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A simple RP-HPLC method for the simultaneous determination of citrulline and arginine in Australian cucurbits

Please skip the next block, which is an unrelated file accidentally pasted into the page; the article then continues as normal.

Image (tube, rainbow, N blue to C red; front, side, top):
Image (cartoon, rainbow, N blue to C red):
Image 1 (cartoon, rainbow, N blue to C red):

Citrulline is a non-proteinaceous amino acid found in high concentrations in melons and other cucurbits. Via its subsequent biotransformation into arginine by the kidneys, citrulline plays important roles in nitric oxide production, vasodilation and ammonia detoxification. Dietary citrulline supplementation provides a range of benefits, including improved endothelial and cardiovascular function, and enhanced exercise capacity and post-exercise recovery. Hence there is considerable interest in developing citrulline-rich food products from melon cultivars containing high citrulline contents. However, most current methods for citrulline and arginine quantification require time-consuming chemical derivatization steps and use higher-end detection methods such as fluorescence detection. We report a simple, rapid reversed-phase high performance liquid chromatography method using ultraviolet detection (RP-HPLC-UV), without requiring analyte derivatization. Following optimisation of the column type, mobile phase composition, flow rate and detection wavelength, the method showed good linearity (R2=0.9995), a low limit of detection (0.6 and 0.3 mg L-1 for citrulline and arginine, respectively) and high repeatability (0.2% relative standard deviation). The optimised method was used to quantify the citrulline and arginine content of 13 Central Queensland fruit and vegetable cultivars, primarily cucurbits. The highest citrulline content and citrulline:arginine ratio were found in mature colocynth (Citrullus colocynthis) fruit (39.2 mg/g DWB), while red watermelon (Citrullus lanatus) flesh also contained high levels of citrulline (22.9 mg/g) and arginine (8.1 mg/g). Lower concentrations of citrulline and arginine were found in other melon cultivars, pumpkins and squash samples. This HPLC method may find use for the rapid screening of citrulline and arginine contents.


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